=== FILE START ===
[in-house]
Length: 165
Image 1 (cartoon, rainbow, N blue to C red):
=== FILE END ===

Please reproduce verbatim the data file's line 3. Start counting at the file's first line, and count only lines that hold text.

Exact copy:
Image 1 (cartoon, rainbow, N blue to C red):